Robert Kubica is to race for Williams in 2019, completing a remarkable comeback eight years after a rally accident that nearly killed him.

The 33-year-old Pole suffered a partially severed right arm among many other injuries in the crash and still has partial movement in that limb.

A story of remarkable resilience and determination, it could go down as one of the greatest comebacks in sport.

Kubica will partner British rookie George Russell at Williams next season.

Kubica said: “From the human point of view, I understand and see the point that it is a story that probably nobody has believed. Probably the only one who never gave up was myself and the people around me.

“We all knew that it might be something not achievable. This shows that somehow nothing is impossible.

“From the driving point of view, you just have to wait a few months and you will see. If I would not be able to drive competitively enough, I would not be here.

“It is a normal way of thinking that people see my limitations and ask how it is possible I can do it, and I know it is hard to believe.

“But Williams has seen it this year and I have seen it in the last 16 or 18 months since I first drove an F1 car in Valencia last year that I can do it, thanks to work, but also that my limitations are not limiting me as most people are thinking.”

Deputy team principal Claire Williams said: “It is a great credit to his strength of character and tenacity to return to Formula 1. He has a level of determination that is remarkable to see.”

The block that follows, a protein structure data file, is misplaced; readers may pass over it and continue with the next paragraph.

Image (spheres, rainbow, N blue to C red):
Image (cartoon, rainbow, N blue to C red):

Kubica was poised to start a second season with Renault in 2011 when he crashed on a rally in northern Italy in February.

His car was penetrated by a road-side barrier and as well as inflicting multiple fracture and injuries on the right-hand side of his body, it also almost severed his arm.

For a time, his life was in danger, but Kubica started a long process of rehabilitation aimed at returning to the sport.

For several years, he felt he did not have enough movement in his arm to race in single-seaters, and he competed for three years in the World Rally Championship.

He then tried a series of different racing cars to see if he could be competitive in them, and a turning point came at the end of 2016 when he tried a simulator at the factory of Italian racing car constructor Dallara, and realised a return to F1 might now be possible.

In 2017, he conducted a series of tests with Renault, who eventually passed on the opportunity to sign him, and then began talks with Williams, who were poised to sign him for 2018 before a last-minute change of heart.




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